Mobile Devices and Wearables: The New Source Document

In this post, CMO Dr. Leigh Mack explains how wearable devices and smartphones will play a major role in the consent process and in patient reported outcomes as clinical trials evolve.

An evolution is happening in clinical research.  The change is the source document. We all remember the test question on the certification exam about recording the participant’s BP on the exam paper; this then becomes the source document and must be treated as such for the trial. This question might be similar to: where should the end of the shafts stop in relation to the horse’s anatomy while hitching up a carriage? Paper documents will go the way of the horse and buggy of yesteryear. Today, computers are much more accurate compared to humans. Yes, humans program software and can make mistakes, but we all use computers in some fashion to make our world more accurate and complete tasks in a more expeditious way.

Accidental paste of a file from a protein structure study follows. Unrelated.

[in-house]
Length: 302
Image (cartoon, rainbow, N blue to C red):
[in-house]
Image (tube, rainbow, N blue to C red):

Now, imagine consenting a potential participant remotely and more effectively. They receive a digital copy of the consent form to review, but they also receive an embedded video explaining the trial; thus, providing a more thorough understanding of the trial. They engage with the CRA in a recorded video, so that they may ask questions and illustrate consent by body language and oral confirmation. The electronic consent (eConsent) is signed and electronically sent directly to the participant file along with the video/audio recording of the consent. In addition, this is all completed on the participant’s end via mobile phone and is 21 CFR Part 11 compliant.

Today, Apple Watch can easily collect physical activity, heart rate, and send reminders to answer questions via RSS and ePRO for a trial diary entry. The human error factor has been removed from the equation. No longer would a participant have to go to a brick and mortar location to have their vitals checked and recorded on a piece of paper, then entered into a computer software system by hand.  The data is simply fed directly to the participant’s eCRF in a safe and secure fashion. The paper trial has two people who enter data; the automated trial has zero.

This technology of tomorrow is in use today.

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